Darrin Mish, Tax Attorney, discusses problems and solutions regarding delinquent or late payroll taxes.

Very often, it can take years before the IRS can discover, or make advances, to collect payroll taxes from employers. Unfortunately, this problem tends to escalate or pyramid, where employers miss a payroll here or there, and then eventually it gets out of control.

Probably, the first step to take is to get current with depositing payroll taxes as quickly as possible. Getting current does not necessarily mean to pay all the delinquent taxes as fast as possible.  Instead, it means for employers to begin paying their current payroll taxes right away.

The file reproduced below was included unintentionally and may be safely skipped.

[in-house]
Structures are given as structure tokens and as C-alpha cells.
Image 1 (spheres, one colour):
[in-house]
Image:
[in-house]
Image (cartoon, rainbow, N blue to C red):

Payroll taxes are comprised of both the employer’s portion and taxes withheld from employees. Employers or other responsible persons can be held personally liable for the trust fund portion, or taxes withheld from employees, that are not remitted. Responsible persons not only includes owners, but includes any individual who exercises control over the hiring, firing or payment of wages and taxes.

The IRS views the failure to remit these taxes as “theft” and takes this very seriously. In most cases, the IRS will not enter into an offer-in-compromise, or settlement for less, on the payment of payroll taxes, but will instead demand the employer enters into an installment agreement, or payment plan, usually with full payment being satisfied within 2 or 3 years.

Payroll taxes can be extremely complicated and will likely require professional representation in the negotiation or settlement.